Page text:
A Few Not So Good Men: Marine Pilots, a Massacre, Immunity

They served only 19 weeks in prison for killing 20 Alpine tourists. The Marine who advised them to burn the videotaped evidence was promoted to colonel.

Photo Illustration by Elizabeth Brockway/The Daily Beast

Two decades have passed since the Cavalese cable-car disaster, in which a U.S. Marine Corps airplane severed a gondola cable and sent 20 people plummeting to their deaths on a ski slope in the Italian Alps.

For the families of the dead, the grief lingers on. So do the questions: How did the American pilots collectively serve only four months in military prison despite being court-martialed twice for the accident and coverup? And how did a Marine officer, who advised the pilots to destroy a videotape of that flight, avoid punishment and resume his rise to colonel?

On the sunny morning of Feb. 3, 1998, in the Dolomite mountains outside the Italian town of Cavalese, four Marine officers were on a training mission in a Marine Corps EA-6B Prowler, a four-seat aircraft designed for electronic warfare. Over a ski resort, while the pilots performed low-altitude flight maneuvers for fun, the plane struck the cable supporting a bright yellow gondola car. The victims inside free-fell 260 feet onto rocks and snow.

The “Strage del Cermis” (Italian for “Massacre of Cermis”), named for the mountain ridge where the bodies were recovered, claimed the lives of eight Germans, five Belgians, three Italians, two Poles, one Dutch citizen, and one Austrian.

The plane was manned by Marine Capt. Richard Ashby, a 30-year-old on his final training flight before promotion to fighter pilot, and Capt. Joseph Schweitzer, a navigator with a decade of flight experience. Capt. William Raney and Capt. Chandler Seagraves, electronic-warfare officers, were in the back seats.

Seagraves was a member of the incoming unit that was scheduled to replace Marine Tactical Electronic Warfare Squadron-2 in Aviano, so he was less familiar with the other three Marines on board. He joined the ill-fated flight at the last minute for training in low-altitude flying.

During the flight, Schweitzer borrowed Ashby’s handheld videocamera to record his swan song—his last aerial navigation as a Marine Corps pilot before he left the military. Schweitzer testified that he had intended to show the video to his kids someday.

The plane lost contact with ground radar at 3:06 p.m. due to its low altitude, and Schweitzer testified that the video showed him smiling right up until 3:12 p.m., when the plane hit the gondola cable.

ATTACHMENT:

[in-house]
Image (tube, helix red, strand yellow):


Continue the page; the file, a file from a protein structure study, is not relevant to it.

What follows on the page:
After hitting the cable, the pilots saw the gondola fall but continued their flight. They landed the damaged Prowler safely at a NATO base in Aviano, in northern Italy. Court documents show that as Raney and Seagraves got off the plane, Schweitzer and Ashby remained behind, took the borrowed camcorder videotape of the flight, then replaced it with a blank tape.

Italian officials spent the day and night recovering the remains of 20 people on a snowy ridge stained red. Grisly photos of the crushed gondola appeared in newspapers around the world. The Italian government launched a criminal investigation, and the Marine Corps followed suit.

As Schweitzer and Ashby walked to the mess hall a few days after the accident, they asked Seagraves’ advice on handling questions about the videotape, according to court documents. Seagraves testified that he counseled the pilots to “get rid of the videotape. If it were mine, I would get rid of it.”

Court documents show that Ashby gave Schweitzer the videotape, and Schweitzer took it outside behind a bar and threw it into a bonfire, despite “knowing that Italian and United States military criminal investigators would have wanted to view it,” according to his testimony (PDF).

Get rid of the videotape. If it were mine, I would get rid of it.
Capt. Chandler Seagraves in court testimony
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Initially, all four men were charged with crimes and Ashby, who had been at the controls, faced a total of more than 200 years in a military prison. Schweitzer and Ashby were recommended for general court-martial at Camp Lejeune on 20 counts of involuntary manslaughter and negligent homicide. Italian authorities did not have jurisdiction to formally charge the crew members under NATO treaty rules.

During the captains’ court-martial, defense lawyers argued the flight crew was not given the most recent flight directives or maps that marked the location of the cable lines, and that the plane’s altimeter malfunctioned.

The pilots’ acquittal sparked outrage and condemnation from Italian officials and strained relations between the U. S. and its NATO ally.

The plane’s pilot and navigator, Ashby and Schweitzer, were court-martialed again in May 1999 on charges of obstructing justice by destroying the videotape recorded during the flight. Guilty verdicts pushed Ashby and Schweitzer out of the Marine Corps, and Ashby served four months of a six-month term in military prison before his release on good behavior.

Italy paid a total of $39.3 million for the families of the dead, who received $1.9 million per victim. The U.S. Congress rejected a bill introduced by late South Carolina Sen. Strom Thurmond that would have established $40 million in compensation funds for the families. But under NATO treaty rules, the U.S. was compelled to send Italy $28.5 million in victim compensation.

Ashby and Schweitzer maintained that they had seen neither the new directives nor the updated government maps. Seagraves and Raney testified that the altitude gauge did not trigger after the plane entered the Cermis valley, even though Ashby, the pilot, had set the indicator to go off when they dropped below 800 feet, according to the Associated Press.

The crew members’ testimony at trial contradicted U.S. documents published in July 2011 by the Italian daily La Stampa.

The newspaper said these previously classified documents were from a U.S.-led investigation dated March 1998, a month after the incident. It reported that they were certified by then-Lt. Gen. Peter Pace, who would later serve as chairman of the U.S. Joint Chiefs of Staff.